• Scientists. That those involved in scientific research may serve the well-being of the whole human person.
  • Contribution of Women. That the unique contribution of women to the life of the Church may be recognized always.

Daily Offering Prayer
God, our Father, I offer You my day. I offer You my prayers, thoughts, words, actions, joys, and sufferings in union with the Heart of Jesus, who continues to offer Himself in the Eucharist for the salvation of the world. May the Holy Spirit, Who guided Jesus, be my guide and my strength today so that I may witness to your love. With Mary, the mother of our Lord and the Church, I pray for all Apostles of Prayer and for the prayer intentions proposed by the Holy Father this month. Amen.

Traditional Daily Offering of the Apostleship of Prayer
O Jesus, through the Immaculate Heart of Mary, I offer You my prayers, works, joys, and sufferings of this day in union with the Holy Sacrifice of the Mass throughout the world. I offer them for all the intentions of Your Sacred Heart: the salvation of souls, reparation for sin, and the reunion of all Christians. I offer them for the intentions of our bishops and of all Apostles of Prayer, and in particular for those recommended by our Holy Father this month. The Apostles of Prayer offer themselves to God each day for the good of the world, the Church, one another, and the Holy Father’s intentions.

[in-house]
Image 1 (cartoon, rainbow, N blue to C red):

Thank you for praying with us!

In a tradition that is centuries old, the Apostleship of Prayer publishes the Pope’s monthly prayer intentions. To become a member of the Apostleship of Prayer, you need only to offer yourself to God for his purposes each day. When you give God all the “prayers, works, joys and sufferings” of your day, you turn your entire day into a prayer for others. You are joining your will to God’s will. If you feel called to this simple, profound way of life, find out more at Apostleship of Prayer.

Deacon-structing Lent: part 1

Deconstructing_Lent_1

I wanted to start out not just “deaconstructing” Lent but more so with a reflection on Lent, in order to help us understand the meaning of Lent. But in the last week I’ve had so many questions about fasting and abstinence and about what we can do and can’t do in Lent that I would like to address some of these issues first.